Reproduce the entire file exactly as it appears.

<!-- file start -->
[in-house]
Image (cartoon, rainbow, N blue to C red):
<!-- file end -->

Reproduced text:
[in-house]
Image (cartoon, rainbow, N blue to C red):